A New Jersey artist and Native American professor reconnect in this second-chance romance.
Mangus “Manny” Chattoche, a New Mexico native and member of the Apache tribe, has taken a position as an architectural history professor at a university in Long Branch, New Jersey. However, there’s more to his cross-country move than professional development. Five years earlier, Manny learned that his college relationship with classmate Carrie resulted in a child. Now that daughter, Emily, is 15 and eager to spend as much time as possible with her father, and Manny sees an opportunity to make up for lost time with both mother and daughter. Meanwhile, Carrie is conflicted. While she’s still wildly attracted to Manny and admires his devotion to their teenager, her Jersey Shore stubbornness kicks in. She questions whether this is too much, too soon. When Manny’s services are retained by local real estate developer Thomas Turner and his daughter, Rachel—whose undergrad crush on Manny hasn’t gone anywhere—the land where they all live and love faces major commercialization that will forever change the loyal community of intellectuals and creatives. Soon, Manny and Carrie find themselves at a crossroads where their homeland, family, and newly reformed romantic bond are all at risk. Austen has created a unique couple in Manny and Carrie. Not only is Manny smart, sensual, and sensitive, he also has strong ties to his family on the reservation in New Mexico. For her part, Carrie is a formidable romance lead who has raised a daughter on her own while making a living as a painter and art teacher. These characters and their history make for rich conflict, to the point where the subplot of Rachel’s personal insecurity and persistent interest in Manny feel clichéd and unnecessary. Also, though a subplot about Emily’s best friend Johnny and his battles in the foster care system is strong, Emily herself often comes off as much younger than her 15 years.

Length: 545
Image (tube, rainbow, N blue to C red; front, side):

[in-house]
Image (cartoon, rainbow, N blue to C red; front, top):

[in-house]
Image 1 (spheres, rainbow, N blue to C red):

An uneven romance novel with two compelling, well-matched main characters.